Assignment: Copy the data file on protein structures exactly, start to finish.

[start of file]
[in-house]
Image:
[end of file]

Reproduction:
[in-house]
Image: